temper

All posts tagged temper

So, you want to forge knives… Well, I just started myself, only made a few blades so far. I have learned some information useful to beginners that might not be readily available online, or scattered all over the place. These lessons learned might save you some time, aggravation, even a few dollars.. Follow any advise here at your own risk, I am no expert and forging is inherently dangerous.

About forging: Forging is not just that, hammering a red-hot piece of steel into a blade. You need to consider what else comes into building a knife. A lot of time will be spent grinding, sharpening, and polishing. If using sand paper gives you unpleasant goosebumps, or you cringe at the thought of getting burned or cut, you might want to look into knitting. Heat treating is not as simple as plunging your steel in water. Some knowledge of metallurgy about different steels and what happens to them at different temperatures is a must. Annealing, normalizing, hardening and tempering are important phases in creating a blade. Then you need to make a handle, sheath, and sometimes apply different finishes. Building a knife is a whole process, forging is only part of it.

Forge: I started by building a charcoal forge. It worked, but it is slow and dirty, a pain in the ass, really. Sure, It only cost me $60, and I could have built a better one. Gas however is fast and clean. I bought a $200 forge on Ebay and never looked back. The next one will have a round shape though, and be covered with refractory cement instead of KAOWool. A round forge body creates vortexes resulting in a more even temperature and probably gas saving. With a hard refractory coating, you will never breathe dangerous ceramic fibers.. Coal is another good option, also dirty, but better in my opinion than charcoal. See my gas forge here.

Steels: Many beginners will try to find some scrap steel at the junkyard. You might get lucky finding what you want, but you might not. Spending hours hammering steel to find out that it won’t harden is no fun. I just ordered six 3/16 x 1” x 60” bars of 1080 from Admiral Steel for about $90 (with shipping)! That is enough to make from 30 to 40 large knives. Less than $3 per knife. Mystery steel is like mystery meat, you really don’t know what’s in it and most of the time, it doesn’t turn out to be that good. 1075-1080 is probably the best steel to start with. It is a simple steel, easy to heat treat and forge. You can temper it in a kitchen oven at 450F. Tool steels and other higher carbon steels require better temperature control and higher tempering temperatures, around 550-600F. It isn’t worth my time fishing for scrap in a junkyard. I would probably often have to discard half-finished blades, so the savings are really not significant enough. Buy good steel, pick one kind, learn it well, you’ll get consistent results allowing you to refine your process. More on steel selection.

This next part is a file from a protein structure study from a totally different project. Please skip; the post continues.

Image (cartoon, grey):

Heat Treatment Anneal every time you stop working for the day. Normalize three times before hardening. Use a magnet to determine when the steel has turned to austenite and is non-magnetic. Go slightly higher, and let the blade soak for ten minutes at that temperature. If you forge or heat-treat too hot, your steel will decarbonize. Quench in warm oil (140 to 160F). Cold oil will actually not cool your blade as fast. Avoid motor oil, it’s too thick. Thin oil, such as ATF or thin mineral oil is better. Don’t move the blade sideways while it cools, but front and back. If you want to create a hamon by differential clay hardening, cover the back of the blade with a refractory like Satanite (1/8” thick layer). Temper immediately after hardening, three times one hour at 450F. If you use a different steel than 1060-1075-1080, find out what the numbers are, don’t just guess..

Anvil: I bought a cast iron anvil at Harbor Freight. It is way too soft! Here is when a trip to the junkyard might save you money. A 100Lbs hardened steel anvil will cost you $400 to $600. Find any piece of steel with a flat surface, as heavy as you can carry. Secure it to a solid base, so that you can forge standing up. Thanks to my friend Phil and his father at Seaboard Steel, I was able get a heavy piece of steel which originally was a jaw that grabs giant steel plates. It must be heat-treated because it is very hard. We welded it to an I-beam and a half-inch steel base.

Click on the image to enlarge..

Hammer and tongs: Almost any hammer will do (you might want to put a nice smooth finish on it’s face), but you need tongs to grab your blades. I started with a pair of wise-grips, but they are too short and awkward to use. Having a piece of red-hot steel fly out when you hit it is pretty scary. Don’t ask me how I know.. (well, I still have one scar on my ankle..) Start by forging tongues. It is easier than forging a blade, and you will need them anyway.

Click on the image to enlarge..

Not the best looking ones, but they work just fine..